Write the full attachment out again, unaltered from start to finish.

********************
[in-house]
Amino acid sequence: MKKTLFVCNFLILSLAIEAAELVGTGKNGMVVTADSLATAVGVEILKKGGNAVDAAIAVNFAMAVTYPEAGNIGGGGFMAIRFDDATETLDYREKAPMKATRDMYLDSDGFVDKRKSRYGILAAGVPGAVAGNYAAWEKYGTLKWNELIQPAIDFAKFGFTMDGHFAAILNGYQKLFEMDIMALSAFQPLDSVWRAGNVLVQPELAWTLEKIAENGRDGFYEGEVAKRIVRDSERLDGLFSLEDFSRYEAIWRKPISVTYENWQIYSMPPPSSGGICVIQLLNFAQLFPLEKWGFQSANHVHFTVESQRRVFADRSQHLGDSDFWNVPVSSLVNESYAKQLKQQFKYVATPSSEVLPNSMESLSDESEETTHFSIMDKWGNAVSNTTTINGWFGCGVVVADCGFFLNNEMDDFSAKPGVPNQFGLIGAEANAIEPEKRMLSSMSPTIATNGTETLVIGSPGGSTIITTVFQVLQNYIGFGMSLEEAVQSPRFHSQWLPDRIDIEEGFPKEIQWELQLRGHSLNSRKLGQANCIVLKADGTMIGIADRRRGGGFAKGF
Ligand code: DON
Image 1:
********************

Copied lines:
[in-house]
Amino acid sequence: MKKTLFVCNFLILSLAIEAAELVGTGKNGMVVTADSLATAVGVEILKKGGNAVDAAIAVNFAMAVTYPEAGNIGGGGFMAIRFDDATETLDYREKAPMKATRDMYLDSDGFVDKRKSRYGILAAGVPGAVAGNYAAWEKYGTLKWNELIQPAIDFAKFGFTMDGHFAAILNGYQKLFEMDIMALSAFQPLDSVWRAGNVLVQPELAWTLEKIAENGRDGFYEGEVAKRIVRDSERLDGLFSLEDFSRYEAIWRKPISVTYENWQIYSMPPPSSGGICVIQLLNFAQLFPLEKWGFQSANHVHFTVESQRRVFADRSQHLGDSDFWNVPVSSLVNESYAKQLKQQFKYVATPSSEVLPNSMESLSDESEETTHFSIMDKWGNAVSNTTTINGWFGCGVVVADCGFFLNNEMDDFSAKPGVPNQFGLIGAEANAIEPEKRMLSSMSPTIATNGTETLVIGSPGGSTIITTVFQVLQNYIGFGMSLEEAVQSPRFHSQWLPDRIDIEEGFPKEIQWELQLRGHSLNSRKLGQANCIVLKADGTMIGIADRRRGGGFAKGF
Ligand code: DON
Image 1: